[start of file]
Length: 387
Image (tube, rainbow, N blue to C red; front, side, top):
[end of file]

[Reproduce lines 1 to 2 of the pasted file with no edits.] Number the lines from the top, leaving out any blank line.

Length: 387
Image (tube, rainbow, N blue to C red; front, side, top):